Out of the Past: Firefighters save 2-year-old boy from choking; Weyerhaeuser marks 50th anniversary with dedication of sawmill bandwheels

The following stories happened this week, 25 and 50 years ago, as reported in the Snoqualmie Valley Record. From the Record’s archives:

The following stories happened this week, 25 and 50 years ago, as reported in the Snoqualmie Valley Record. From the Record’s archives:

Thursday, Sept. 17, 1992

• A citizen advisory committee report issued Sept. 8 criticizes the city of Snoqualmie for financial mismanagement in several area and recommends across the board cuts and staff reductions to save money. According to the report “We believe our expenses can be minimized and reduced by strengthening control and establishing procedures over expenditures.”

• Guy and Leigh Falconer were horrified when they found their 2-year-old-son choking on a peice of carrot at their home over the Labor Day weekend. They were grateful however, or the help they received form neighbors, fire department medical technicians and a Seattle surgeon, all of whom helped to save his life.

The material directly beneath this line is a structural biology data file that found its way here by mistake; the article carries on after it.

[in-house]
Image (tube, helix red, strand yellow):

Thursday, Sept. 21, 1967

• Weyerhaeuser company will celebrate the 50th anniversary of the opening of the Snoqualmie Falls sawmill and woods operation with special event next week. At the 2 p.m. Tuesday ceremony, Morgan and Fred Hayes, Cascade area manager, will officially dedicate one of the original 11-foot sawmill bandwheels, which is being donated to the Snoqualmie Valley Historical Society as a permanent display.

• Snoqualmie’s new sewer system is finally in operation. Town Clerk Ed Opstad sent cards to all residents this week notifying them that connections could be made immediately. Permits must be obtained at the Town Hall before connections are made. A charge of $190 is due at the time of connection, but may be paid in four installments.

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From left: Captain Nick Almquist, Gini Ekoes, Heather Payne, and Chief Perry Phipps. Courtesy photo.
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